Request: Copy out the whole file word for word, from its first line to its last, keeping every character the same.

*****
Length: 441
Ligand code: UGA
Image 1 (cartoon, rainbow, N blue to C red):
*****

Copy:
Length: 441
Ligand code: UGA
Image 1 (cartoon, rainbow, N blue to C red):